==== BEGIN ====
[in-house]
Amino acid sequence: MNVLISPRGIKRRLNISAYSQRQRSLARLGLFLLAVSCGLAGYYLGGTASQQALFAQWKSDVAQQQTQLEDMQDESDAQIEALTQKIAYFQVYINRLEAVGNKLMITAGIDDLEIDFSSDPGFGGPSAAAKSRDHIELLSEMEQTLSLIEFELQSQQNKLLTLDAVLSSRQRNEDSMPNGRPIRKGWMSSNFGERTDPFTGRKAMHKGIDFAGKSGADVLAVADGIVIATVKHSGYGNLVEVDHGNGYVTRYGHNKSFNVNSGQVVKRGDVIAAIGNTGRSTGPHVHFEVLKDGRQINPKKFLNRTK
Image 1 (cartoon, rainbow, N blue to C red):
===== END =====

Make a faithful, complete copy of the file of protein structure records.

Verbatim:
[in-house]
Amino acid sequence: MNVLISPRGIKRRLNISAYSQRQRSLARLGLFLLAVSCGLAGYYLGGTASQQALFAQWKSDVAQQQTQLEDMQDESDAQIEALTQKIAYFQVYINRLEAVGNKLMITAGIDDLEIDFSSDPGFGGPSAAAKSRDHIELLSEMEQTLSLIEFELQSQQNKLLTLDAVLSSRQRNEDSMPNGRPIRKGWMSSNFGERTDPFTGRKAMHKGIDFAGKSGADVLAVADGIVIATVKHSGYGNLVEVDHGNGYVTRYGHNKSFNVNSGQVVKRGDVIAAIGNTGRSTGPHVHFEVLKDGRQINPKKFLNRTK
Image 1 (cartoon, rainbow, N blue to C red):